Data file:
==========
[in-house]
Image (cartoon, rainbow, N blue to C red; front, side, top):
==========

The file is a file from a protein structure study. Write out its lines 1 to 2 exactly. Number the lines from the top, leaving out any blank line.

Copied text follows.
[in-house]
Image (cartoon, rainbow, N blue to C red; front, side, top):